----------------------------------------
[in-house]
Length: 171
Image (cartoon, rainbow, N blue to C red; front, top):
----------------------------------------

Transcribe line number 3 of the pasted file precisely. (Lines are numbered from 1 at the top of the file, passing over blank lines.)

Image (cartoon, rainbow, N blue to C red; front, top):